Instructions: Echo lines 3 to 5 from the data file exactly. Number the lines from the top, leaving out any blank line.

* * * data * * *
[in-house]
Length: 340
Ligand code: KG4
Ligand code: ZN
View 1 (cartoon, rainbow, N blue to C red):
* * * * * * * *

Ligand code: KG4
Ligand code: ZN
View 1 (cartoon, rainbow, N blue to C red):